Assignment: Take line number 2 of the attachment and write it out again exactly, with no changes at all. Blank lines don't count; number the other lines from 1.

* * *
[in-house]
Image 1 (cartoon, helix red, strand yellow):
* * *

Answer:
Image 1 (cartoon, helix red, strand yellow):